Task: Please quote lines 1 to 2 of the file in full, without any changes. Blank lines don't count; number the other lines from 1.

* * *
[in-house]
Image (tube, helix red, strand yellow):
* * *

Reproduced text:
[in-house]
Image (tube, helix red, strand yellow):